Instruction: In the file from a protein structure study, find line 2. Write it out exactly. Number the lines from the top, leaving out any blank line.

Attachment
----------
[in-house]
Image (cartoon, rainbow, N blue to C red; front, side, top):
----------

Image (cartoon, rainbow, N blue to C red; front, side, top):